It’s an unfortunate fact that child abuse is an issue that every country has to manage. In the United States and Japan teachers are often counseled, trained, and given reading literature about the warning signs of abuse. Does a student smell funny every day at school? Do they steal from other students? Do you see a mysterious bruise? Self-deprecation, communication problems, problems eating, uniforms ill taken care of…The list goes on and on.
It’s well known that child abuse affects how students behave in the classroom. Abused children will be living with far more stress than their sheltered classmates. Friends of mine in the American school system who are teachers keep snacks and fruit inside their desk for students who come in starving because their students can only get the government provided lunches in the cafeteria. Without them providing breakfast (usually out of pocket), these students would behave badly and not pay attention in class. The abuse and neglect of parents causes strain on students.
Where I lived in Kentucky, Child Protective Services (CPS) could be called by school counselors and/or nurses if they suspected child abuse. A friend of mine in elementary school got the CPS called on her uncle because he regularly refused to give her breakfast before school (I believe he was a baby sitter, not a full time guardian, so the case got dropped). My mother actually feared that she’d get called in because my brother regularly played kickball and soccer, so his shins were bruised a lot in his elementary school days. CPS held an air of authority, even if most people sneered at the idea of putting kids in the foster care system, the fact remains that most states have a semi-functioning system in place that keeps track of kids and their parents.
In Japan, children are rarely taken out of their homes. It’s common knowledge that unless the abuse is considered “life threatening,” children are expected to stay with their families until they reach maturity (if they make it). Up until the 1980’s, most parents in Japan were under the impression that child abuse “just didn’t happen.” People like Atsuko Shiina brought the issue to national attention with her research books. Most Japanese people believed that families as a structural unit shouldn’t be meddled with by the government, as family ties are considered strong in this collectivist culture. Unless it’s a marriage or death certificate, the government should mind it’s own business.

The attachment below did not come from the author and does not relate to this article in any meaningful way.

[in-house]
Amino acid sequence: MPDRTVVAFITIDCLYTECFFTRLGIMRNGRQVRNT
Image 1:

But then in 1994, “Japan’s signed in at the U.N. Convention of the Rights of the Child to help the public understand, Shiina explains, that ‘children are not their parents’ private property.’ Even so, passage of a Child Abuse Prevention Law took until 2000.” And now, Japan’s government made a point in the past few years to start getting better about keeping track of child welfare and taking more kids into protective custody.
Japan Times reported in September of 2015 that child abuse reports were at a “record high,” but that record is shaky at best:
The police referred a record 17,224 suspected child abuse victims under the age of 18 to child consultation centers across the country in the first six months of this year.
That is the highest number since specific statistics started to be compiled in 2011 and a rise of 32 percent from the year before. Clearly, the police are doing a better job of investigating cases of abuse and of taking more action…
…The most disturbing part of these statistics is that child abuse may not be actually increasing; it has just been hidden. In another survey from the Health, Labour and Welfare Ministry for fiscal year 2012, the total number of reports about child abuse made to child social welfare services reached 46,468.
As a teacher in the Japanese school system, I must follow the Child Abuse Prevention Law. Teachers, medical practitioners and child welfare officers are obligated to keep an eye out to detect and report abuse. Yet, as someone who doesn’t understand Japanese fluently yet, being able to uncover abuse is a big challenge for me. I have to trust that the Japanese homeroom teachers and the guidance counselors are doing their utmost for the students.
It’s not easy. Students will keep secrets from the teachers about their living situation, often out of shame. They will lie, dodge questions, and even try to get out of coming to school because they don’t want anyone to know. For elementary and junior high, education is mandatory, so that’s where the abuse gets discovered the most often. High school isn’t necessary, high school students drop out all the time, and they can get lost in the system.